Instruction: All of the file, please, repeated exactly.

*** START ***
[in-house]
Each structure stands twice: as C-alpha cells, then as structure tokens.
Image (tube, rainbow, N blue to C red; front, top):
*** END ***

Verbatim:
[in-house]
Each structure stands twice: as C-alpha cells, then as structure tokens.
Image (tube, rainbow, N blue to C red; front, top):